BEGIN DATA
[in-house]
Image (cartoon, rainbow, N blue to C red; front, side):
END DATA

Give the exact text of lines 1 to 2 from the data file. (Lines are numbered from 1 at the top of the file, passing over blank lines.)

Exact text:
[in-house]
Image (cartoon, rainbow, N blue to C red; front, side):